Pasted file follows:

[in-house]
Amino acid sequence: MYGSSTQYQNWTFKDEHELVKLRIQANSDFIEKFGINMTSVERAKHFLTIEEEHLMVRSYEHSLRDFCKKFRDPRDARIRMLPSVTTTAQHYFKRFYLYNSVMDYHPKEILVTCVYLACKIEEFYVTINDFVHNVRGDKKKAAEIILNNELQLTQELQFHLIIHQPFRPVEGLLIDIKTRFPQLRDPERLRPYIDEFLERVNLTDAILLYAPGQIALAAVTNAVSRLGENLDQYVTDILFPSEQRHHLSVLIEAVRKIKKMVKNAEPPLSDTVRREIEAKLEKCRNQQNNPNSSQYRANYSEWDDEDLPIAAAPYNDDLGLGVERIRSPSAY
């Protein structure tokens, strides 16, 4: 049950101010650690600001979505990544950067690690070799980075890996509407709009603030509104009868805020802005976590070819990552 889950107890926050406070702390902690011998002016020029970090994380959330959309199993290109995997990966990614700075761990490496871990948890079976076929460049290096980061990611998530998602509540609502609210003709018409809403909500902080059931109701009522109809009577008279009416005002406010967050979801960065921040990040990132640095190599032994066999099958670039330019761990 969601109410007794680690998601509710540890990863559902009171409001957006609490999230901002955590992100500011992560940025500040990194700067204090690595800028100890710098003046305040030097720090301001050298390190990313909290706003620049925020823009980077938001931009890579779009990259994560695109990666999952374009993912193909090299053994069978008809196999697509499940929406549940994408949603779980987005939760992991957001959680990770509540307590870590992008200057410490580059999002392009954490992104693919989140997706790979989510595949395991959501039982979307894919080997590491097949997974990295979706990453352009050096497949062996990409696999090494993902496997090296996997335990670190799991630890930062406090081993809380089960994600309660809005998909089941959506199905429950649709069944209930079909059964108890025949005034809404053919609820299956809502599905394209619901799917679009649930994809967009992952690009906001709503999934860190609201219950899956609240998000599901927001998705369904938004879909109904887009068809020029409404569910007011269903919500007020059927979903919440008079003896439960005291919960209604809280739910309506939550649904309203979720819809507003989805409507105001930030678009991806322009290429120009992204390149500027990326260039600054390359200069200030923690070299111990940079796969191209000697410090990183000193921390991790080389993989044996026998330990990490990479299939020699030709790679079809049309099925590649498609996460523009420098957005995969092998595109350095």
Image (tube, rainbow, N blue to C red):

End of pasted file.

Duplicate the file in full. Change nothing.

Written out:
[in-house]
Amino acid sequence: MYGSSTQYQNWTFKDEHELVKLRIQANSDFIEKFGINMTSVERAKHFLTIEEEHLMVRSYEHSLRDFCKKFRDPRDARIRMLPSVTTTAQHYFKRFYLYNSVMDYHPKEILVTCVYLACKIEEFYVTINDFVHNVRGDKKKAAEIILNNELQLTQELQFHLIIHQPFRPVEGLLIDIKTRFPQLRDPERLRPYIDEFLERVNLTDAILLYAPGQIALAAVTNAVSRLGENLDQYVTDILFPSEQRHHLSVLIEAVRKIKKMVKNAEPPLSDTVRREIEAKLEKCRNQQNNPNSSQYRANYSEWDDEDLPIAAAPYNDDLGLGVERIRSPSAY
């Protein structure tokens, strides 16, 4: 049950101010650690600001979505990544950067690690070799980075890996509407709009603030509104009868805020802005976590070819990552 889950107890926050406070702390902690011998002016020029970090994380959330959309199993290109995997990966990614700075761990490496871990948890079976076929460049290096980061990611998530998602509540609502609210003709018409809403909500902080059931109701009522109809009577008279009416005002406010967050979801960065921040990040990132640095190599032994066999099958670039330019761990 969601109410007794680690998601509710540890990863559902009171409001957006609490999230901002955590992100500011992560940025500040990194700067204090690595800028100890710098003046305040030097720090301001050298390190990313909290706003620049925020823009980077938001931009890579779009990259994560695109990666999952374009993912193909090299053994069978008809196999697509499940929406549940994408949603779980987005939760992991957001959680990770509540307590870590992008200057410490580059999002392009954490992104693919989140997706790979989510595949395991959501039982979307894919080997590491097949997974990295979706990453352009050096497949062996990409696999090494993902496997090296996997335990670190799991630890930062406090081993809380089960994600309660809005998909089941959506199905429950649709069944209930079909059964108890025949005034809404053919609820299956809502599905394209619901799917679009649930994809967009992952690009906001709503999934860190609201219950899956609240998000599901927001998705369904938004879909109904887009068809020029409404569910007011269903919500007020059927979903919440008079003896439960005291919960209604809280739910309506939550649904309203979720819809507003989805409507105001930030678009991806322009290429120009992204390149500027990326260039600054390359200069200030923690070299111990940079796969191209000697410090990183000193921390991790080389993989044996026998330990990490990479299939020699030709790679079809049309099925590649498609996460523009420098957005995969092998595109350095």
Image (tube, rainbow, N blue to C red):